Sunday, September 4, 2011

Black Walnut and Indigo Dyeing

Last week my copy of Harvesting Color by Rebecca Burgess arrived in the mail.  It is a fantastic book about dyeing fabric and yarn using plants.  Not only does the book tell you how to create different colors of dye from different plants, it has great information about keeping colors from fading using mordants.  I wanted to get started right away, so I chose two kinds of dye that did not require treating the yarn with a mordant before dyeing: Black Walnut, and Powdered Indigo.  As an added bonus, my internship already had those dyes cooked up so they were ready to go.

First I tackled Black Walnut dye.  To make this dye from scratch you collect black walnuts (with gloves on, because they really will turn your hands black), put them in a pot of water for a few weeks to ferment, and then boil.  Since my dye was already prepared, all I needed to do was heat the dye in a pot until almost boiling.

Then I soaked my yarn in warm water until all the air bubbles were out, and put it in the pot to cook for an hour or two.  After cooking the fibers I took them out of the dye pot and rinsed them until the water ran clear.

The result was a beautiful light brown yarn.  If the dye had been fresh and never used, the color probably would have been darker.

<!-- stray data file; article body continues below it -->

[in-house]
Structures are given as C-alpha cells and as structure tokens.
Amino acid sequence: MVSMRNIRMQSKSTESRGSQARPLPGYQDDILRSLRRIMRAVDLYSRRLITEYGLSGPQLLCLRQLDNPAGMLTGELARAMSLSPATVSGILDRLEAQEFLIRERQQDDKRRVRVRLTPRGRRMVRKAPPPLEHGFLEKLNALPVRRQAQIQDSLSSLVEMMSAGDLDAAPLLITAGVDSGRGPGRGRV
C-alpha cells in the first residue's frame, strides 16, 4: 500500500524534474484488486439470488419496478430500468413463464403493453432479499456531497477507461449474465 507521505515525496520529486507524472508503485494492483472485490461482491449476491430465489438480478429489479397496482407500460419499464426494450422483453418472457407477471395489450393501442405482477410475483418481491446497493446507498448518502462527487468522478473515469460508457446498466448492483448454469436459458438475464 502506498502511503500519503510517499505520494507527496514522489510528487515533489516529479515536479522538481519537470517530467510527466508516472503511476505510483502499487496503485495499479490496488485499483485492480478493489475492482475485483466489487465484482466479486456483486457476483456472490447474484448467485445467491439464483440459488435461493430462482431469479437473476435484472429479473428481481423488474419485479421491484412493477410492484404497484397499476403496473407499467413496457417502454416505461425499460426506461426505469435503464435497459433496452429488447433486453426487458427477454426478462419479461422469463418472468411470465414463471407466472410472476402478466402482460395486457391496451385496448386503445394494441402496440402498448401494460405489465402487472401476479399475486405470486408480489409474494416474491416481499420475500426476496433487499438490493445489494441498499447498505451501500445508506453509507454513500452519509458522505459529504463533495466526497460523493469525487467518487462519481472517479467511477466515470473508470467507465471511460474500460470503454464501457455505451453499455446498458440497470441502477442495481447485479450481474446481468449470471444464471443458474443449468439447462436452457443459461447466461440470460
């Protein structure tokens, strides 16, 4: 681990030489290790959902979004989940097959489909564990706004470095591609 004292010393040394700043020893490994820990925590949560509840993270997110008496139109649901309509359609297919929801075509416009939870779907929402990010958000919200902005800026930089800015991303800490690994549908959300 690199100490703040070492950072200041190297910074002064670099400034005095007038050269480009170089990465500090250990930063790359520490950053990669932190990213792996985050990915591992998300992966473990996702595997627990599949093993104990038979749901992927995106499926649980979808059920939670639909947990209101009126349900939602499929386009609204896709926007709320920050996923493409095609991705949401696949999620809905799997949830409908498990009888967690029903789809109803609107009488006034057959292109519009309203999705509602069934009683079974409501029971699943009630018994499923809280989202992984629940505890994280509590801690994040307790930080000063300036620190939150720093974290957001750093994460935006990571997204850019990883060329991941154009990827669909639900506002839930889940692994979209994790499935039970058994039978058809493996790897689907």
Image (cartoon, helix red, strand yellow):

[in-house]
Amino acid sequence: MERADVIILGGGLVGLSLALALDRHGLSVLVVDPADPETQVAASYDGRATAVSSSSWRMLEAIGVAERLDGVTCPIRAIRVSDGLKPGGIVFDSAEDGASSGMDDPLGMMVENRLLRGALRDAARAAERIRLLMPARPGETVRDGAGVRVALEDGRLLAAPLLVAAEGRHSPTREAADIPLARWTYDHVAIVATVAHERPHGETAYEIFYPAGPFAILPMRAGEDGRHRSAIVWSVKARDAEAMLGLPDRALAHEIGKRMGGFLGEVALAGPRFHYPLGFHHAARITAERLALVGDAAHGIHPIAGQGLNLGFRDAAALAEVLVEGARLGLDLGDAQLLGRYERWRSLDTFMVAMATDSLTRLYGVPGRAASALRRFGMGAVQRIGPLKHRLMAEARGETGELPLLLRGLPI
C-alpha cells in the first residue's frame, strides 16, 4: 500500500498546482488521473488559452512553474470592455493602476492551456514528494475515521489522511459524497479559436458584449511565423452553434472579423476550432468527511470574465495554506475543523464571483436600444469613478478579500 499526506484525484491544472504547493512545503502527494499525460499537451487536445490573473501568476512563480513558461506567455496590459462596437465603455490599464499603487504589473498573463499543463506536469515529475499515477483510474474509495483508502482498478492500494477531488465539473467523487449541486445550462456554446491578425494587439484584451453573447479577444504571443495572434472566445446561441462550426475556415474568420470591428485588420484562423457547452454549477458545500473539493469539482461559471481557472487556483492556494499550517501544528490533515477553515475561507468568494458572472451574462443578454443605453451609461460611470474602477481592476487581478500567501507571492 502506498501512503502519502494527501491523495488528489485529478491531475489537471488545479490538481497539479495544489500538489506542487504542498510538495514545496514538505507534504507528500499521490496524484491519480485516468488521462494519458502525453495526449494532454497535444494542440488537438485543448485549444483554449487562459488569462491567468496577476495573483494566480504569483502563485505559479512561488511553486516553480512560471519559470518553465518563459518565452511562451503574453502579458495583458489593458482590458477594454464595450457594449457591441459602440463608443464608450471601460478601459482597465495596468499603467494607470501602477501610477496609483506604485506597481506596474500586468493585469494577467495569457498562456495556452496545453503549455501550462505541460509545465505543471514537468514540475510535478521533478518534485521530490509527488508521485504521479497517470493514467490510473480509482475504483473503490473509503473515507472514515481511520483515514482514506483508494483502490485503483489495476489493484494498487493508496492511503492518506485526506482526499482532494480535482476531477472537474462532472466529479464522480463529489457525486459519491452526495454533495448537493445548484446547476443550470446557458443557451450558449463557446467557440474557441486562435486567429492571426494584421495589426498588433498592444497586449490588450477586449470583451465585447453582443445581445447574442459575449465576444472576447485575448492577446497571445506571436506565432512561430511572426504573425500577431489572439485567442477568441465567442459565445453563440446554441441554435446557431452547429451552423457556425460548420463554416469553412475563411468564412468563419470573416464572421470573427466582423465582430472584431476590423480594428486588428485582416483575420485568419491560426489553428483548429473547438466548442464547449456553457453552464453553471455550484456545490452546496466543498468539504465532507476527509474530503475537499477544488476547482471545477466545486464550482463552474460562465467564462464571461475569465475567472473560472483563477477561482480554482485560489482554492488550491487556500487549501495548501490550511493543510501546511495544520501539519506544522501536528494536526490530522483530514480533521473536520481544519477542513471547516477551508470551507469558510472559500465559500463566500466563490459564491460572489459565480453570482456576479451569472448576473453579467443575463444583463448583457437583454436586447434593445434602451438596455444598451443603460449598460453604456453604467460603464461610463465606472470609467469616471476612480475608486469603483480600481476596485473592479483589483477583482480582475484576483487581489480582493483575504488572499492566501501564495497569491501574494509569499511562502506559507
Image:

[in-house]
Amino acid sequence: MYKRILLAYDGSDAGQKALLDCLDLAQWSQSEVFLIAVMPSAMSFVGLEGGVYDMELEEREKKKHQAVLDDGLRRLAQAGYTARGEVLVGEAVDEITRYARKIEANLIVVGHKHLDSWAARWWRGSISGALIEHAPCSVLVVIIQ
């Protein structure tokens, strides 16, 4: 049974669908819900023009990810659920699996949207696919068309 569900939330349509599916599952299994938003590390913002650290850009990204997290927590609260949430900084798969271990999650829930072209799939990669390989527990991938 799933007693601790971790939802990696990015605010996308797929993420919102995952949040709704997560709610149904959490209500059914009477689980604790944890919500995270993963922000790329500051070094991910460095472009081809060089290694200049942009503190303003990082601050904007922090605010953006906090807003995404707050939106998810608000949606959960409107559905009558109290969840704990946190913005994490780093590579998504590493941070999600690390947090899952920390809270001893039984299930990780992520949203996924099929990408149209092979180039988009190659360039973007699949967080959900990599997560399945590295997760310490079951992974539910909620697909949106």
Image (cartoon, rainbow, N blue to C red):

Next I used the powdered Indigo dye bath that was already mixed up.  The indigo dye is very messy, and very sensitive to oxygen.  So please, WEAR GLOVES if you do any kind of dyeing.  The powdered indigo is mixed with water, soda ash, and a chemical called Thiox.

You can also make indigo dye from the leaves of the indigo plant, but indigo does not grow around here and the seeds need to be ordered special from overseas.

Once the dye bath is prepared and the yarn is wet, dip the yarn into the dye bath and hold under for around 3 minutes.  Gently squeeze the yarn and slowly swish it around in the dye.  Then lift the yarn out of the dye and put it in a bucket for the color to develop.

After about 15 minutes rinse out the dye until the color runs clear.  If you want a darker color, dip the yarn again and repeat the process until the yarn is the desired color.  Mine came out a lovely medium blue.